PySide Brings LGPL Qt to Python

The PySide team is pleased to announce the first public release of PySide: Python for Qt. PySide is a project providing an LGPL'd set of Python bindings for the Qt framework.

PySide already provides a full set of Qt bindings as well as automated binding generation tools. Since the whole tool set has been made available, the team expects PySide to be valuable not only to Qt software developers, but to people willing to create Python bindings to any Qt-based library, or to any C++ library in general. Although based on a different technical approach, PySide will initially be API-compatible with existing Python bindings for Qt.

PySide is still a work in progress, and some work is still required to stabilize the codebase. This being said, the team believes it is already in a usable state, especially if an occasional rough edge and unpainted surface can be tolerated. Due to practical reasons, the initial development efforts have been focused on Linux, but the team hopes people to join in porting the code to other platforms and to further develop the bindings and tools.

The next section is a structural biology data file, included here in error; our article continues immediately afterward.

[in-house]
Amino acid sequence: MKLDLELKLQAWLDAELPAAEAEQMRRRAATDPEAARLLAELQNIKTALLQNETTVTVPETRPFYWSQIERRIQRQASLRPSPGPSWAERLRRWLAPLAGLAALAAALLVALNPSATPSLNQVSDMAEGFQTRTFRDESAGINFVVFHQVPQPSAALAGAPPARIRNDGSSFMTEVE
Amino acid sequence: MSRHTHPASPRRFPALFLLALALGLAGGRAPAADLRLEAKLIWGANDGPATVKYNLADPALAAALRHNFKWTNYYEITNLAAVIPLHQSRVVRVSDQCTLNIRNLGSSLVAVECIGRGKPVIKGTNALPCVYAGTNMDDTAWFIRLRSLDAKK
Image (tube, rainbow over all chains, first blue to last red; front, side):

Dot Categories: 


Wow, excellent news! I've been wondering for some time whether there might be something like this coming with Ariya porting all his recent examples to PyQt...

Thanks a lot, Nokia!

Has there been any communication with existing PyQt people? I mean it's a bit ugly overstepping into someone else toes without first trying to contact them to fix the possible issues.

They state in the FAQ that they tried to find a solution with Riverbank first:

Nokia’s initial research into Python bindings for Qt involved speaking with Riverbank Computing, the makers of PyQt. We had several discussions with them to see if it was possible to use PyQt to achieve our goals. Unfortunately, a common agreement could not be found , so in the end we decided to proceed with PySide.

Edit: better answer posted while I was writing mine. :)

Hello there,

not that PyQt wasn't fine - in fact I wrote a few GUI frontends with it - but this day signals that Nokia has decided to take the Python bindings as something they take very serious.

And it is. This might well expand the Qt usership to even more mobile devices applications as well as companies that do GUIs for their tools. The lack of documentation may be addressed, and potentially the API will become even more usable.


Am I just not getting the pun? What does the name derive from?